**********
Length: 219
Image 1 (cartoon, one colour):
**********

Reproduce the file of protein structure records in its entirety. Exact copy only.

Length: 219
Image 1 (cartoon, one colour):